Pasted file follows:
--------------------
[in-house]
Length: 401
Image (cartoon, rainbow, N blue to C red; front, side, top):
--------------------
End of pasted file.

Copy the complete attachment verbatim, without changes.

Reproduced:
[in-house]
Length: 401
Image (cartoon, rainbow, N blue to C red; front, side, top):